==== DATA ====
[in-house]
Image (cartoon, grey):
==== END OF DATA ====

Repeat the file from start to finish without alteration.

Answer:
[in-house]
Image (cartoon, grey):